VENICE — Even by the standards of a city built in a shallow lagoon, the water was everywhere that it wasn’t supposed to be this week.

Nearly knee-high, the floodwaters spread across the city’s main piazza, turning it into a vast lake for seagulls. At the nearby millennium-old basilica, the last inches of water remained in the crypt even after a day of pumping, collecting around the tomb of a Roman Catholic cardinal. All around the busiest parts of the city, the water slicked the floors of cafes and Murano glass shops and seeped into hotel lobbies, leaving a smell of sewage in its wake.

Venice, on the surface, can rebound quickly from disastrous flooding. The tourists this week never left; one posed for pictures with soot and mud on her wedding dress. But the people who live here say the toll of repeated inundation is mounting — measured not only in the damage to businesses and precious art or architecture, but, above all, in the sense that life in one of the world’s most improbable and spellbinding cities is becoming unviable.

“The reaction is to cry,” said Flavia Feletti, 77, who has lived in Venice for six decades. “I am afraid there is no solution. When I went out the day after the flooding, I met a kind of funeral in the city.”

The Washington Post's Rome bureau chief Chico Harlan spoke about what Venice was like after floodwaters submerged the city as of Nov. 13. (Alexa Ard, Chico Harlan/The Washington Post)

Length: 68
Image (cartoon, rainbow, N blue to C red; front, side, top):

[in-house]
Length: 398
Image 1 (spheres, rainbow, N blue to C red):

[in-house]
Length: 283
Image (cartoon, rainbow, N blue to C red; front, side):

Venice has thrived since the 5th century by taming the water all around it. In recent decades, even as the land has been sinking while the sea level has been rising, many Venetians figured the city would again find a way to evolve and hang on. But one major flood after the next is testing that faith, and a major civil engineering project to protect the city remains unfinished, slowed by corruption scandals, and might already be obsolete.

The city is endangered — not just as a tourist destination, but for the 50,000 people who continue to live in Venice year-round, and who know the water well enough to describe in detail how it is changing and becoming more threatening.

This week, in an event known as an “acqua alta,” a tide of more the six feet surged in from the Adriatic Sea and quickly covered 85 percent of the city. The flooding, related to an unusually intense low-pressure system and winds that piled water up the Adriatic, was the most severe in 50 years.

Although the peak came on Tuesday night, Friday brought additional flooding. The city was more than 70 percent inundated around lunchtime, according to city hall sources. Piazza San Marco, or St. Mark’s Square, was closed during the high tide, and the famed vaporetto waterbus service was suspended.

These floods are becoming an ever more frequent part of the Venice landscape.

The sort of extreme high-water episodes that Venice historically saw every 100 or so years are expected to happen once every six years by the middle of this century and once every five months by 2100, according to the most recent report by the Intergovernmental Panel on Climate Change.

Those calculations only take sea-level rise into consideration, and do not include the sinking of the land on which Venice sits, which means flooding would be even more common than those figures suggest.

Some experts warn that Venice could be underwater within a century.

“It’s a city full of history,” said Vladimiro Cavagnis, a fourth-generation Venetian gondolier who chauffeurs tourists on the city’s trademark rowing boats. “A history that, little by little, with water, will end up like Atlantis. People are destroyed, anguished, sad. They see a city that is disappearing.”

To be in Venice this week, at least in some of those most-touristed parts, was to watch everyday life carry on when nature makes it highly impractical. Entrepreneurs sold cheap rainboots for 10 euros, and the city erected elevated walkways so visitors could move across flooded areas in narrow lines. Police barked at people who stopped on the planks to take flood-zone selfies.